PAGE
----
Delhi’s air quality ‘very poor,’ set to worsen on Sunday | delhi | Hindustan Times
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Delhi’s air quality ‘very poor,’ set to worsen on Sunday

According to monitoring agency SAFAR, the Air Quality Index was 341, at very poor levels. Dhirpur station recorded a maximum of 500 AQI, which falls in the ‘severe’ category.

delhi Updated: Dec 31, 2016 22:17 IST
Ritam Halder
According to monitoring agency SAFAR, the Air Quality Index was 341, at very poor levels. Dhirpur station recorded a maximum of 500 AQI, which falls in the ‘severe’ category.
According to monitoring agency SAFAR, the Air Quality Index was 341, at very poor levels. Dhirpur station recorded a maximum of 500 AQI, which falls in the ‘severe’ category.

Air quality in Delhi was “very poor” on Saturday and pollution remained in the ‘very severe’ category in one area.

Weather department officials predict foul air on New Year’s day.

According to monitoring agency SAFAR, the Air Quality Index was 341, at very poor levels. Dhirpur station recorded a maximum of 500 AQI, which falls in the ‘severe’ category.

SAFAR has advised people in Delhi to avoid outdoor physical activity. People with heart or lung diseases, senior citizens, and children should remain indoors and keep activity levels low when air quality turns ‘severe’, it said.

It also recorded Saturday’s average levels of PM 2.5 and PM 10 (24-hour rolling) at 197 and 304 micrograms per cubic metre respectively. PM2.5 and PM10 are ultra-fine particles that are the dominant air pollutants in Delhi. The acceptable levels of PM 2.5 and PM10 are 60 and 100 microgram per cubic metre, respectively.

Forecasts say PM 2.5 and PM 10 levels will reach 337 and 211 microgram per cubic metre on New Year’s day, Sunday.

“A marginal increase in the level of PM 2.5 has been predicted from 164 micrograms per cubic metre (µg/m3) on December 30 to 192µg/m3 on January 1. Thereafter, a significant drop to 159µg/m3 on January 2 is expected,” a SAFAR report said earlier.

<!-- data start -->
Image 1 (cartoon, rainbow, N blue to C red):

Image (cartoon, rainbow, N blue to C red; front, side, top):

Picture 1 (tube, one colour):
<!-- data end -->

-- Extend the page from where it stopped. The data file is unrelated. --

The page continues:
Read: Let us breathe: Six kids move green court against Delhi’s air pollution

Despite high pollution levels, Delhi is yet to put in place a comprehensive response mechanism. The graded response system, proposed by the CPCB, is yet to be notified or enforced.

The proposed plan suggested that when the air quality is at the ‘severe’ level for 48 hours, the entry of trucks, barring those carrying essential commodities, be stopped from entering Delhi and the odd-even road rationing scheme kick in. The proposal says there should be a ban on waste burning, brink kilns operating in and around the city should be shut and parking rates hiked by at least four times.

The maximum and minimum temperatures were recorded at 20.3 and 8.2 degree Celsius respectively, both a notch above normal, on Saturday.

In the morning, dense fog shrouded the city bringing down visibility levels which affected train operations. As many as 69 north-bound trains were running late while 16 were rescheduled, a railways spokesperson said.

Visibility was recorded at 200 metres at 5.30am, which subsequently improved to 400 metres by 8.30am, a weather official said.

On Sunday, the weatherman has predicted a clear sky. “Moderate to dense fog is expected with isolated, very dense fog in the morning. The maximum and minimum temperatures would be around 20 and 08 degree Celsius respectively,” a MeT official said.